Analysis of air-temperature profile in a solar-heated greenhouse with computational fluid dynamics
High-tech greenhouse crop-production systems usually require elevated energy inputs, mainly to the heating or cooling systems, to achieve the production levels required to be profitable. This, in turn, results in a high carbon footprint, which nowadays is a big concern worldwide. In order to reduce the usage of fossil fuels, a solar heating system has been integrated into a newly proposed single-span energy-neutral greenhouse for the climate conditions in central Mexico. Solar thermal collectors heat water during the day, which is stored in an insulated tank. During the coldest period, usually at night-time, the hot water is distributed through a grid of hoses buried into the greenhouse ground. A 3D computational fluid dynamics (CFD) simulation of the greenhouse environment was performed to estimate the vertical air-temperature profiles during the night-time. Results of the simulations were verified with what could be expected. Three scenarios were simulated for outside air temperature of 0, 5, and 10°C, for a minimum water temperature of 35°C (as a worst-case scenario on the solar thermal collectors) in the heating system, resulting in acceptable inside conditions for greenhouse crops, for these scenarios.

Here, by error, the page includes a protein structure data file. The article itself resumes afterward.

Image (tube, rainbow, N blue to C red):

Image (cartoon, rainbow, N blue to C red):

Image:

Fitz-Rodríguez, E., López-Cruz, I.L., Salazar-Moreno, R., Rojano-Aguilar, A., Rosales‑Vicelis, J.E. and López-Díaz, J.H. (2018). Analysis of air-temperature profile in a solar-heated greenhouse with computational fluid dynamics. Acta Hortic. 1227, 93-98
computational fluid dynamics, controlled environment agriculture, temperature gradients, energy balance, solar collectors